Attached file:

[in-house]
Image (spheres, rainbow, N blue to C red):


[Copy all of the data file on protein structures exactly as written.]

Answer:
[in-house]
Image (spheres, rainbow, N blue to C red):